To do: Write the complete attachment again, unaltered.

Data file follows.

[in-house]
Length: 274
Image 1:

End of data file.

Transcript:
[in-house]
Length: 274
Image 1: